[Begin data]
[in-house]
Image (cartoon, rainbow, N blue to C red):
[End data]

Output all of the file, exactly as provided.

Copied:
[in-house]
Image (cartoon, rainbow, N blue to C red):